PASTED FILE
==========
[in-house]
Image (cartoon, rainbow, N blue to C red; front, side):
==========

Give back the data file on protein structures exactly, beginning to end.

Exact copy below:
[in-house]
Image (cartoon, rainbow, N blue to C red; front, side):